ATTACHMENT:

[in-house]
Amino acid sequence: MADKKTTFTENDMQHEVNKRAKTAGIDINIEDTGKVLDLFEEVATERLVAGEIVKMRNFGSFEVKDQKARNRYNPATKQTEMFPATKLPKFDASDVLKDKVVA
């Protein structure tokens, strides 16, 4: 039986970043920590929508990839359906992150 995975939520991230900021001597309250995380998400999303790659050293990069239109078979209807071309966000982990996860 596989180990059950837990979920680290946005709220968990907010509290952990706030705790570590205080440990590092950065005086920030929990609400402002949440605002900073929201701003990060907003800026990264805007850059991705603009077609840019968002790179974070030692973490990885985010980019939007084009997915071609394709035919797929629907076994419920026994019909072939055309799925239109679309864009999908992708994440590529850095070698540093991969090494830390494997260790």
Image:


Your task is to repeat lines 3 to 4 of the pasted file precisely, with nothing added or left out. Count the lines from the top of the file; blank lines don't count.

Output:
């Protein structure tokens, strides 16, 4: 039986970043920590929508990839359906992150 995975939520991230900021001597309250995380998400999303790659050293990069239109078979209807071309966000982990996860 596989180990059950837990979920680290946005709220968990907010509290952990706030705790570590205080440990590092950065005086920030929990609400402002949440605002900073929201701003990060907003800026990264805007850059991705603009077609840019968002790179974070030692973490990885985010980019939007084009997915071609394709035919797929629907076994419920026994019909072939055309799925239109679309864009999908992708994440590529850095070698540093991969090494830390494997260790």
Image: